• Reform– this takes generations before it is fully entrenched in peoples mind-sets (a generation is around 20-25 years long). One generation is enough to implement changes and it takes about another generation before the memories of “before” are mostly gone, or at least irrelevant. This tends to start at the top; it requires strong leadership with a long term vision, adequate planning and implementation. This is a proactive role that is necessary to ensure a smooth transition from one status quo to the next.
  • Revolution– this takes years to achieve. This is a word that most governments fear as it is usually assumed to be violent. The connotation is that change will OVERTHROW the status quo. Revolutions are often bottom-up and occur when the status quo gets too oppressive and there is apparently (too) little happening at the top. The conditions for revolution fester when reform is not iterative and the status quo stagnates in a bad place.
  • Crisis– this takes weeks to months to play out. It can cause serious (sometimes irreparable) social fractures. How it is dealt with often sets the tone for other scenarios to play out as they are invariably the catalyst for other types of changes. What is interesting about crises is that they are a consequence of the interaction between internal and external factors. Inadequate anticipation, ignoring causality and avoidance of feedback tend to aggravate crises.
  • Catastrophe– these happen in days to weeks and are often precipitated by external factors. There are limited response options available once events have started playing out.

Each of these modes of change is roughly an order of magnitude smaller than the previous one in the list (decades, years, months, weeks etc).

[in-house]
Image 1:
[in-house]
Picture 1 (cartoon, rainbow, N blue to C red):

Saudi Patience: USA and Iran

Prince Turki al-Faisal wrote a strongly worded letter on Thursday to President Obama regarding Gaza/Israel and the impact it can have on the special US-Saudi relationship.

The content can be seen at the Financial Times web-site. One of the things it mentioned was a letter President Ahmedinejad of Iran wrote to King Abdullah,

explicitly recognising Saudi Arabia as the leader of the Arab and Muslim worlds

Clearly something I had missed seeing in the news last week.

This was surprising as both KSA and Iran have been bandying for regional hegemony in the past. An open declaration that unites the Shias and the Sunnis could be a harbinger of more cooperation in the future as well. It can also change the stakes and influence that can be exerted on international politics to seriously and fairly address the conflict.

It turns out that what President Ahmedinejad wrote was slightly different. As per the Irani Press TV what he actually called King Abdullah was his official title/position :

the Saudi Arabian King and the Custodian of the Two Holy Places, i.e Makkah and Medina

Sighhh, my excitement was premature. President Obama, King Abdullah and President Ahmedinejad are no closer to each other today as they were yesterday. But hope springs eternal , after all, tomorrow is another day!

Images of Saudi Arabia: Camel Crossing



Watch out for camels! Sometimes they will stroll across the highway and sometimes they will simply stand 🙂

Martin Luther King, Jr Day

Yesterday was Martin Luther King, Jr day in the US. It is the third Monday each January, commemorating the birth of Reverend Martin Luther King, Jr on January 15, 1929. He was an iconic civil rights leader who would have been 80 years old this year if he had not been assassinated at a young 39 years of age.

America would have been a different place if the civil rights movement had not happened. In fact, much of the moral high ground that the US claims nowadays is because of what America became after the 60s because of leaders like MLK, Jr.

One year ago around this same time, we were participating in an MLK interfaith peace walk in Leesburg and talking to Obama supporters about voting for change. This year has been considerably less eventful in sunny Riyadh as we watch inauguration activities on television . Let’s see what next year will bring!